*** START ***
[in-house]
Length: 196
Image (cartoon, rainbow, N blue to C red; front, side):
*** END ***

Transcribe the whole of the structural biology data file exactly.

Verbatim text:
[in-house]
Length: 196
Image (cartoon, rainbow, N blue to C red; front, side):